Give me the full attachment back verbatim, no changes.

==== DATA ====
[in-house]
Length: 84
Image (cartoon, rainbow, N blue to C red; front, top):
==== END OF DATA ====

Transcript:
[in-house]
Length: 84
Image (cartoon, rainbow, N blue to C red; front, top):